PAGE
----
CLASSICS LECTURES IN THE VALLEY~ 

                      OPEN TO THE PUBLIC * 

*Except for select events noted


Links to campus maps:

Amherst College Smith College
Hampshire College UMass Amherst         
Mount Holyoke College  

 


 2019 - 2020  


THURSDAY, OCTOBER 24                 5:00PM

Looking for Lyric Poetry in Homer's Iliad

Andrew Ford, Princeton University

SMITH COLLEGE, SEELYE #201


THURSDAY, OCTOBER 31                    5:00 - 8:00PM

New England Ancient Historians Colloquium

Program and registration information

UMASS CAMPUS CENTER, 10TH FLOOR, AMHERST ROOM


THURSDAY, NOVEMBER 7                   5:00 PM 

Dreams in Greek and Roman Religion: The Evidence of Inscriptions

Gil Renberg, University of Michigan and Western MA AIA, LaFollette lecturer

UMASS

Additional details to follow.


FRIDAY, NOVEMBER 8                        3:00 - 6:00 PM

UMass Classics Department Colloquium

Flavian (Re)Configurations: Civic Ideals and Urban Realities

UMASS, INTEGRATIVE LEARNING CENTER (ILC), S331

Additional details


NOVEMBER 21                                     5:00 - 6:30 PM

Race and Representation in the Roman Empire: Images of Africans between Myth, Stereotype, and Reality

Sinclair Bell, Northern Illinois University

UMASS, HERTER HALL, ROOM 301


2020


THURSDAY, FEBRUARY 20         5:30PM   

Cincinnatus at Home:  Urban 'Meadows' and the Topography of Ancient Rome

Nicole Brown, Williams College 

MOUNT HOLYOKE COLLEGE, location TBA


THURSDAY, MARCH 5                  5:00PM

Archaeological Institute of America- Western Mass Society presents

Where Did the Pompeians Go? Searching for Refugees from the        Eruption of Vesuvius, AD 79

Steven Tuck, Miami University

Amherst College, Beneski building, Paino Lecture Hall (107)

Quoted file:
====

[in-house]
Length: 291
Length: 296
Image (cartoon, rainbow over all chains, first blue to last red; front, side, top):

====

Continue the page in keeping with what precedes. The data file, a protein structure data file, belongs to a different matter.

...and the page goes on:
THURSDAY, MARCH 12              Time TBA

The Ancient Studies Annual Lecture at Smith College

Fictions of Citizenship in Livy's History of Rome

Denis Feeney, Princeton University

SMITH COLLEGE

Additional detail to follow.


SATURDAY, APRIL 4

The 30th Annual Phyllis Williams Lehmann Lecture

Brian Rose, University of Pennsylvania

SMITH COLLEGE

Additional information to follow.



 EARLIER LECTURES


THURSDAY, SEPTEMBER 26              5:00 PM

From Spoils to Saviors: Re-valuing the First Roman Wives as Civic Actors in Livy's "From the Foundation of the City"

Meredith Safran, Trinity College

Many of Rome’s founding civic myths conjoin the community’s political transformation with sexualized violence against women. Since the “women in antiquity” movement took off in the 1980s, feminist scholars have sought to understand the role of such gendered violence in Roman culture and its implications for the reception of ancient Rome in the Western classical tradition, given how many societies continued to draw inspiration from Roman practices and ideas throughout modernity. This talk will focus on the episode traditionally known as “the rape of the Sabine women,” in which the first Romans staved off the extinction of their new community and established Rome’s version of marriage, but did so by obtaining their wives through a mass bride abduction. Unlike most of the women who fall victim to violence in Rome’s founding myths, the Sabine women not only survive their assault; by the end of their story, as told by the Roman historian Livy, they’ve won universal respect and recognition for saving both new and old communities, which they risk their own lives to defend. We’ll explore how such a triumph could result from a story that begins with assault and consider why these women’s remarkable rise in status is not how people tend to remember this story today.

Sponsored by the Georges Lurcy Lecture Series Fund at Amherst College and the Department of Classics.

AMHERST COLLEGE, BENESKI HALL, PAINO LECTURE HALL